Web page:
Use this URL to cite or link to this record in EThOS: http://ethos.bl.uk/OrderDetails.do?uin=uk.bl.ethos.695471
Title: Predicting the absorption rate of chemicals through mammalian skin using machine learning algorithms
Author: Ashrafi, Parivash
ISNI:       0000 0004 5989 3755
Awarding Body: University of Hertfordshire
Current Institution: University of Hertfordshire
Date of Award: 2016
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Abstract:
Machine learning (ML) methods have been applied to the analysis of a range of biological systems. This thesis evaluates the application of these methods to the problem domain of skin permeability. ML methods offer great potential in both predictive ability and their ability to provide mechanistic insight to, in this case, the phenomena of skin permeation. Historically, refining mathematical models used to predict percutaneous drug absorption has been thought of as a key factor in this field. Quantitative Structure-Activity Relationships (QSARs) models are used extensively for this purpose. However, advanced ML methods successfully outperform the traditional linear QSAR models. In this thesis, the application of ML methods to percutaneous absorption are investigated and evaluated. The major approach used in this thesis is Gaussian process (GP) regression method. This research seeks to enhance the prediction performance by using local non-linear models obtained from applying clustering algorithms. In addition, to increase the model's quality, a kernel is generated based on both numerical chemical variables and categorical experimental descriptors. Monte Carlo algorithm is also employed to generate reliable models from variable data which is inevitable in biological experiments. The datasets used for this study are small and it may raise the over-fitting/under-fitting problem. In this research I attempt to find optimal values of skin permeability using GP optimisation algorithms within small datasets. Although these methods are applied here to the field of percutaneous absorption, it may be applied more broadly to any biological system.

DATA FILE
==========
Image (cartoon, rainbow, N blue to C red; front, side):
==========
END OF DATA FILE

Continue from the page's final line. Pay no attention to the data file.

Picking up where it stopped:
Supervisor: Not available Sponsor: Not available
Qualification Name: Thesis (Ph.D.) Qualification Level: Doctoral
EThOS ID: uk.bl.ethos.695471  DOI: Not available
Keywords: Machine learning ; Regression ; Classification ; Skin permeability ; Gaussian Processes ; Support Vector Machines ; QSAR ; QSPR ; Growing Neural Gas ; Hyperparameters optimisation methods ; categorical kernel ; Visualisation
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